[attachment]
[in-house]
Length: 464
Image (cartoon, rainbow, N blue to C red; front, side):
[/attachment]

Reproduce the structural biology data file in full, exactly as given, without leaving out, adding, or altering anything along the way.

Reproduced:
[in-house]
Length: 464
Image (cartoon, rainbow, N blue to C red; front, side):